12. During our last visit to Marathon, I filmed the approach from the cockpit of the Mooney M20F. Most of the instruments, including my Aspen PFD and the Garmin GTN 750 are visible. Due to the later evening, and the low sun, the outside view is ok, but could be better. To make the visual approach against the sun easy, I selected the visual approach to runway 25 in my Garmin GTN750. With this setup, I got an ILS-like vertical and lateral deviation indication on my Aspen PFD. Also you can see on the Aspen the AOA function and the synthetic vision.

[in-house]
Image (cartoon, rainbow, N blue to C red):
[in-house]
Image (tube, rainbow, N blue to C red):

13. Gami Injectors make most sense, if you have engine fuel flow and EGT-data from every cylinder. The company is great. They will send you finetuned injectors for every cylinder to make them peak at the same time, when you lean. The difference between the first and the last peak is called the "Gami-spread". But without an engine monitor, you are not able to find out about the Gami-spread and you will be unable telling Gami which injectors you need. For my Mooney, I first bought an engine monitor. After that, I recorded the different peak values of the cylinders and sent the data to Gami. With this information they were able to produce the right set of injectors for my engine. If - after installing the new injecors - the cylinders are not peaking at almost the same fuel flow, they will exchange one or more injectors until everything works perfect. I suggest, that you start with installing an engine monitor. I consider the engine monitor as one of the most important pieces of equipment in my Mooney. It tells me what is going on in my engine. There are lots of possible engine problems which you will not see without an engine monitor. For example, I had an intake leak on one cylinder. The monitor showed an alarm and I reduced power, landed and got it fixed immediately. Without the monitor, I would not have seen it and I may have destroyed the cylinder.